After the surprise selection of James Vince to bat at number 3 for England in the Ashes after a lacklustre first spell in the Test team last summer where he averaged 19.27 in 7 Tests against Sri Lanka and Pakistan as well as a distinctly average County Championship season where he scored 626 runs at an average of 32.95, Australia have sprung their own surprise selections in the recalls of wicket-keeper Tim Paine and batsman Shaun Marsh as well as the decision to replace opener Matt Renshaw with Cameron Bancroft.
When news of the decisions were first leaked Twitter erupted in disbelief, unsure as to how a glove-man like Paine, who is not even considered first choice at his state Tasmania, could be classed as the best the country has to offer. The surprise decision was best summed up by Melbourne based journalist Ethan Meldrum who tweeted that “Australia’s current coach will have scored a more recent Sheffield Shield century than our wicketkeeper.”
As ridiculous a statistic it may be, it is true. Australia’s head coach Darren Lehmann retired from cricket a decade ago in 2007 and scored 167 in his last innings for South Australia. Paine’s last hundred came in October 2006 when he scored 215 for Tasmania it was, incidentally, his only first-class hundred in a career which has spanned 91 games and counting. A solitary century at an average of under 30 is quite frankly shockingly bad.
To be fair to Paine, he was identified at a young age as a long term successor to the likes of Adam Gilchrist and Brad Haddin but there is a reason why, at 32 years of age, Paine is not the established Test regular he was expected to be.
In November 2010, Paine was batting in an Australian Cricketers’ Association All-Stars T20 charity game when Dirk Nannes broke his right index finger with a delivery. This injury caused Paine a multitude of issues over the next few years, being forced to have multiple operations on the injury. The timing was particularly bad for the Tasmanian as 2010 was the year he made his Test debut and was being blooded as his long term replacement.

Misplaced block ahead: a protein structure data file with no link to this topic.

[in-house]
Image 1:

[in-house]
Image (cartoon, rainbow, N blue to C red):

Paine’s long format career never really recovered from that injury, instead establishing himself more as a white-ball specialist with his good form in the most recent Big Bash League being rewarded with an international recall to play in the recent T20 series’ against Sri Lanka and India.
I am not suggesting for one second that Tim Paine is a terrible cricketer by any means because he isn’t. He has simply had some terrible luck with injuries over the years which have stunted his progress. However, the fact that he is being brought into an Ashes squad with such a bad batting record, while carrying a foot injury, plantar fasciitis, which he revealed he has been dealing with for “a few months” and having spent the last three years behind Jake Doran, Tom Triffit and Matthew Wade in the pecking order as keeper at Tasmania truly illustrates the lack of form amongst the other options Australia had.
Wade was always likely to miss out after only averaging in the 20s with the bat in Tests over the past year and previous incumbent Peter Nevill was dropped because captain Steve Smith wanted a keeper who was more involved vocally on the pitch. “I’ve spoken to Pete; we had a chat and I said I probably just need a little bit more from you, and I need you to drive the boys and get the boys up and about,” said Smith. Both have also been lacking runs in the first two rounds of Sheffield Shield games in the run up to this series, with neither player even coming close to passing 50.
Alex Carey, who broke the all-time record for most dismissals in a Sheffield Shield season last year, was another option behind the stumps but he too is yet to reach 50 with the bat this season and his lack of previous international recognition likely counted against him.
The only other possibility was entrusting the gloves to a part-time keeper such as Cameron Bancroft or Peter Handscomb or discounting runs and simply choosing the best pure glove-man in the country. A title which many believe should go to Nevill and others believe is Carey’s. However, in Trevor Hohns, Greg Chappell, Mark Waugh and Darren Lehmann, Paine has obviously impressed the men who matter and now has a golden opportunity to reestablish his long form career and become the player he was once tipped to be before his dislocated finger. Only time will tell if the left-field selection will prove to be a masterstroke or, as former Australian spinner Stuart MacGill stated on Twitter, a decision made by “morons”.